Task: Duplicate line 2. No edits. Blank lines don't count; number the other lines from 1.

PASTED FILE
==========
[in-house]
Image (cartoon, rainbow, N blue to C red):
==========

Image (cartoon, rainbow, N blue to C red):